insight

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Understanding The Business-Customer Disconnect

Like the countless actions (walking, breathing, seeing, hearing) we complete each day without consciously thinking about it, the motivations and emotions that drive our personal quest for satisfaction and identity fulfillment are mostly hidden from our rational thought processes. Similarly, we are unaware of how marketplace symbols -- brands, products, services, communications -- inform our sense of identity and bond us to our favorite brands. But marketers need to understand the role of the unconscious in decision making if they hope to build brand loyalty.

The role of the unconscious presents an important opportunity for business. But to truly understand why people do what they do, we must look at the psychodynamic context surrounding decision-making. In the marketplace, consumers often project rationality onto brands to reduce potential cognitive dissonance (buyer's remorse). But initial satisfaction with a purchase is a poor indicator of whether their affections will endure.

Fostering brand relationships

Many companies talk about the need to establish lasting customer “relationships.” And where else but in interpersonal relationships do we bump up against our emotional needs? As in all interpersonal relationships -- friendships, marriage, company and client -- trust lays the foundation for growth and development.

By identifying the emotion-based needs of their audiences, businesses can discover insights that transcend standard marketing practices. Let’s see how marketers can uncover the logical explanations of consumer behavior associated with brand loyalty or disconnection. 

The decision-making process is driven by a mix of conscious, logical, and subconscious, emotional needs. When faced with too many choices, people often gravitate toward products or services that “feel” right. And in such a crowded marketplace, emotional drivers trump rational consideration.

Businesses are adept at addressing the rational, logical aspects of the customer’s decision-making process, but are largely ignorant of the emotional element. Many ignore the core human needs that deeply influence customer decisions only to find themselves baffled by their failure to retain customers.

Marketers often talk about customer relationships, but make little attempt to understand customers' evolving emotional needs, dooming the very relationships they hope to foster. Marketing strategies often depersonalize people -- customers are viewed as targets, buyers, early adopters, or eyeballs, further undermining their attempts to address the emotional needs that drive their purchase decisions.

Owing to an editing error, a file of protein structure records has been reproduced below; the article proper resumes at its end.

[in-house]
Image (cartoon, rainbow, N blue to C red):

Beware customer satisfaction scores

Brands can also be misled by customer satisfaction measures that fail to take into account whether customers’ emotional needs have been met. As a result, while customers may verbally express satisfaction with a product or service, subconsciously, they may have no desire to repeat the experience -- deciding instead to try another product or brand.

Businesses need to balance quantifiable marketing, but then must take a further step to understand the meaningful, intimate insights into the true drivers of behavior. Businesses must understand “why” and ask not only “what will this product do for the customer?” but also “what will this product do for the customer’s emotional self and identity?”

While businesses must address the emotional needs of customers, at the same time they must also respond to customers' rational needs. If a business focuses only on the rational drivers, it will make mistakes. If it focuses only on emotions and fails to fulfill rational needs, it will not win customer loyalty. Only by balancing the appeals to both the emotional and the rational mind will marketers succeed in building lasting, profitable, relationships.

 

 

 

 

 

 

 

 

 

 

 

 

 

 

 

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